ON LUCAS'S TEST FOR THE PRIMALITY OF MERSENNE'S NUMBERS

D. H. L
EHMER ¹.

An examination of the literature on even perfect numbers since Euclid's time reveals only two contributions to the subject which are of genuine importance. The first of these is the celebrated theorem of Euler to the effect that every even perfect number is of Euclid's type 2n-1 (2n-1), where 2n-1 is a prime. The second contribution is that of Lucas who gave a pair of theorems governing the primality of 24k ± 1-1. A great deal of confusion exists in Lucas's writings about the exact enunciation and actual proofs of these tests for primality. Nevertheless, it is evident that Lucas was in possession of the facts needed to prove the sufficiency of his tests. The confusion arose from the fact that he was unable or unwilling to consider the necessity also.
In 1930 the writer proved, as a by-product of an extended theory of Lucas's functions Un and Vn, that the test which Lucas gave for 24k + 1-1 is applicable also to 24k - 1-1, and that his condition for primality is both necessary and sufficient. In fact the theorem may be stated as follows.

THEOREM A.    The number N = 2n-1, where n is an odd prime, is a prime if ,and only if, N divides the (n-1)-st term of the series,

S1 = 4,   S2 = 14,   S3 = 194,   ...,   Sk,   ...,

where Sk = Sk2- 1-2

In 1932 Dr. A. E. Western ² gave a proof of this theorem by means of the theory of algebraic numbers. It is the purpose of this paper to give a very elementary yet self-contained proof of Theorem A.

Notation and definitions. —Let

 a = 1 + 3,   b = 1 - 3, so that a + b = 2,   ab = -2,   a - b = 2 3.

We define two sequences of integers Ur and Vr by

Ur = (ar - br) / (a - b),
Vr = ar + br.

The following identities can be easily verified by using the above definitions.

 (1) 2Ur + s = Ur Vs + Vr Us. (2) (-2)s + 1 Ur - s = Us Vr - Ur Vs. (3) 2Vr + s = Vr Vs + 12Ur Us. (4) U2r = Ur Vr. (5) V2r = Vr2 + (-2)r + 1. (6) Vr2 - 12Ur2 = (-2)r + 2.

DEFINITION.    The rank of apparition of the odd prime p is the least positive subscript (if it exists) for which U is divisible by p.

In what follows p always represents a prime greater than 3. Before proving Theorem A it is convenient to establish three lemmas.

LEMMA 1.    If is the rank of apparition of p, then p divides Ur if, and only if, divides r.

Proof.    Let S be the set of all subscripts r for which p divides Ur. From (1) and (2) it follows that if r and s are members of S, so also are r ± s. Hence S coincides with the set of all integer multiples of its least positive member . This proves Lemma 1.

LEMMA 2.
 (7) Up  (3/p)    (mod p). (8) Vp  2          (mod p).

Proof.    To prove (7) we expand Up as follows:

All the binomial coefficients are divisible by p, except the last which is equal to unity. Hence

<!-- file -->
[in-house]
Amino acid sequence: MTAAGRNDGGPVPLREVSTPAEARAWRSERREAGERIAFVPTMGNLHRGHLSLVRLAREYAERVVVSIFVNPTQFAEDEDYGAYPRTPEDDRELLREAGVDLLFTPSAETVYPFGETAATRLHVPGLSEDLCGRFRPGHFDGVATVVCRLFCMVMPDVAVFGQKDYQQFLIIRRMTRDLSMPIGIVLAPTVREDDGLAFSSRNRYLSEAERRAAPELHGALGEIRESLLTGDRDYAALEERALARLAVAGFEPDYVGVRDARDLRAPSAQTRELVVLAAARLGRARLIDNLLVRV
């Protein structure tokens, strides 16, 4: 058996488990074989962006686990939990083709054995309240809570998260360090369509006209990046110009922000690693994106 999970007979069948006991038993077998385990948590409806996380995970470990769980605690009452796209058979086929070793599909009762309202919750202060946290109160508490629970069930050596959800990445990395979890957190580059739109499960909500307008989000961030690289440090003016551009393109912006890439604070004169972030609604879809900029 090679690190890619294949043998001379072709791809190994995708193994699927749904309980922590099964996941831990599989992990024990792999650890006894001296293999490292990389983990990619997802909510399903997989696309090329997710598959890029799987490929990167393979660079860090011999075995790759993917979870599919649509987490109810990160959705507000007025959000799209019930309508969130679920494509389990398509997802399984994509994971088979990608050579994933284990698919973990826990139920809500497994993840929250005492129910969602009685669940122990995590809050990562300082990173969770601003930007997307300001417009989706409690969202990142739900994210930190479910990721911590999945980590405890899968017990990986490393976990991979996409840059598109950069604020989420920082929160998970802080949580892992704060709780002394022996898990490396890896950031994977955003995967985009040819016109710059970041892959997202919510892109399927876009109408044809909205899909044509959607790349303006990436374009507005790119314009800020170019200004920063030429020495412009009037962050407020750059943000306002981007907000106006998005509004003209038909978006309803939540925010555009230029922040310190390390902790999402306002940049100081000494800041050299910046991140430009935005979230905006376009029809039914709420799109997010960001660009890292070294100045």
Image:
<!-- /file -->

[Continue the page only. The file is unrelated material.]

Up  3½ (p - 1)  (3/p)    (mod p).

To prove (8) we expand Vp in like manner, thus

In this case all the binomial coefficients except the first are divisible by p. Hence (8) follows at once.

LEMMA 3.    If is the rank of apparition of p, then  < p + 1.

Proof.    It is obviously sufficient to prove that p divides Up + 1 Up - 1. From (1) and (2) with r = p and s = 1 we have, since U1 = 1 and V1 = 2,

2Up + 1 = 2Up + Vp,

-4Up - 1 = 2Up - Vp.

Using Lemma 2, we have

-8Up + 1 Up - 1 = 4Up2 - Vp2 4(±1)2 - 40     (mod p).

Hence Lemma 3 is proved.

Proof of Theorem A.    We are now in a position to prove Theorem A without difficultly. The proof is in two parts.

Proof of necessity.    Let N = 2n-1 be a prime. We have to show that Sn - 1 is divisible by N. Instead of the series Sk we may consider the series

8,  56,  3104,  ...,  k,  ...
in which k = 22k - 1 Sk. Then it is sufficient to show that n - 1 is divisible by N. Since

Sk + 1 = Sk2 - 2,
we have
k + 1 = k2 - 22k + 1.

Now if we put r = 2k in (5) we get

V2k + 1 = (V2k)2 - 22k + 1.

Moreover V2 = 8 = 1. Hence, in general,

k = V2.

We have to show then that V2n - 1 = V½ (N + 1) is divisible by N. But from (5), with r = ½ (N + 1), we have

VN + 1 = V½2(N + 1) - 4 · 2½ (N - 1).

Hence it is sufficient to show that

 (9) VN + 1  -4     (mod N),

since 2 is a quadratic residue of N = 8x - 1. But (9) follows from Lemma 2 and (3). In fact

2VN + 1 = VN V1 + 12UN U1 = 2VN + 12UN.

To apply Lemma 2 with p = N, we note that N  1 (mod 3) and that

(3/N) = -(N/3) = -(1/3) = -1.

Hence we have

VN + 1 = VN + 6UN  2 - 6  -4    (mod N).

Hence (9) is established. This completes the proof of necessity.

Proof of Sufficiency.    Let Sn - 1 be divisible by N = 2n - 1. Then N divides

n - 1 = 22n - 2 Sn - 1 = V2n - 1.

Now let p be any prime factor of N and let be the rank of apparition of p. Then p divides U2n since N divides U2n - 1 V2n - 1, which is U2n by (4). By Lemma 1, divides 2n. On the other hand, does not divide 2n - 1, for otherwise, by Lemma 1, p would divide U2n - 1 as well as V2n - 1. This is impossible by (6) since p is odd. Hence  = 2n. By Lemma 3,

p >  - 1 = 2n - 1 = N.

Hence p = N, so that N is a prime.

In his paper Dr. Western gives a list of Mersenne numbers 2n - 1 examined by Lucas's tests. Since this list was made, Mr. R. E. Powers ³ has applied Theorem A to 2241 - 1 and finds this number to be composite. This leaves the characters of 2n - 1 (for n < 257) undetermined for

n = 157, 167, 193, 199, 227, and 229.

Lehigh University,
Bethlehem, Pa., U.S.A.

² "On Lucas's and Pepin's tests for the primeness of Mersenne numbers", Journal London Math. Soc., 7 (1932), 130-137. This paper contains a list of references to papers on the subject.
³ Bull. Amer. Math. So., 40 (1934), 883.